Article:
tribune correspondent

Neighbors, friends and nature enthusiasts gathered at Cobbs Creek Community Environmental Center in West Philadelphia to attend the annual Fall Fest.

The parking lot as well as the driveway leading to the center at 700 Cobbs Creek quickly filled up with vehicles as people of all ages came to participate in the activities that included pony rides, nature tours, cider pressing and exotic animals.

“The pony rides were the courtesy of the Fletcher stables of which the movie ‘Urban Cowboy’ depicted and inside the building, the Academy of Natural Sciences hosted a presentation called ‘animals with bad reputations’” said Alicia Burbage, CCCEC’s outreach coordinator.

“We had a skunk, we had a vulture and some other animals I can’t remember the names of,” she added.

“You hear about some animals but when you see them up close it’s a whole different experience, a different adoration for animals and respect for nature and the environment,” Burbage said.

The outdoors activities complemented an arts and crafts fair, where guests could have their faces painted, decorate pumpkins and listen as illustrator Kate Garchinsky read from her book “The Secret Life of the Skunk.”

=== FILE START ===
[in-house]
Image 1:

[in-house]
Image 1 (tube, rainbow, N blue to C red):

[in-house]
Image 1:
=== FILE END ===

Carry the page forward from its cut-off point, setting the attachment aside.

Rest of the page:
“We do a few big events a year to get everybody out and enjoy the park,” said Tony Croasdale, an environmentalist for the park. “We’re just here to provide the community with stuff to do.”

Asked how challenging organizing such an event was, Croasdale said it was hard work but described it as a “labor of love.”

“It’s definitely a lot of hard work but people were responsive and ready to help,” he said.

Harriett Victoria Atkerson describes herself as an activist who wants to maintain the historical integrity of the park, whose 851 acres are managed by the Philadelphia Parks and Recreation Department.

“We need to make sure that this legacy stays here and let people know that this was built by us. I know that they are gentrifying the whole neighborhood but this is not gentrifiable because we built this,” said Atkerson.

Atkerson says the park and the center are important to the community’s youth.

“We want our children to be science oriented. We want them to know that the environment that they live in is supporting and we need to teach them to take care of it,” she said.

“That’s why the Founders established this place in the first place. We also want our children to know that there are careers in the environmental sciences that they can take advantage of and they can become a part of,” she added.

Atkerson said she was pleased with the turnout for the event but that much work needed to be done to spread the word about the existence of the environmental center.

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